• Offer heartfelt apologies to each other. Taking responsibility and being truly sorry for your actions allows the other person to feel heard and validated. 
  • Continue to take the time and effort required to build trust. Reconciliation is not a set-it-and-forget-it thing. It took time for your relationship to break down, and it may take even longer to build it back up. 
  • Respect each other’s boundaries. You’ve been hurt, and you’re taking baby steps toward a mended relationship. That means you need to be especially respectful of each other’s feelings and boundaries. 

Can you reconcile without forgiveness?

While reconciliation is a process, it’s a difficult one without forgiveness. To successfully reconcile with someone who has hurt you, it takes commitment, accountability, and a good dose of empathy on both sides.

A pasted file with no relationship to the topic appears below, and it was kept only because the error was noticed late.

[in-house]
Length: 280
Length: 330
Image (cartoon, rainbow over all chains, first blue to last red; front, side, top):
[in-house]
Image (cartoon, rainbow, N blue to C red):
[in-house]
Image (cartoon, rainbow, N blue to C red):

If one partner is still holding on to hurts and resentments of the past, forgiveness and reconciliation can be challenging, if not impossible. Without forgiveness, the old hurts have a way of circling back and making it difficult to move forward in a positive way. 

Can you forgive without reconciliation?

Forgiveness is yours and yours alone. Whether you want to reconcile with that person or not, forgiveness is the gift that allows you to move forward with your life and your new relationships without the burden of past hurts getting in the way of your future.

Forgiveness and reconciliation are hard work. You may have years of hurt and resentment to revisit and move beyond. Whether you’re doing it for yourself or as part of a reconciliation process, getting support from a trusted therapist or divorce coach can help you better understand and navigate the emotional terrain of forgiveness and reconciliation. 

The legal issues of divorce are only a small part of the entirety of your divorce. At Hello Divorce, we exist to support you before, during, and after your divorce with legal plans, professional services, and a library of extensive resources so you can move through your divorce and into the future with courage and optimism.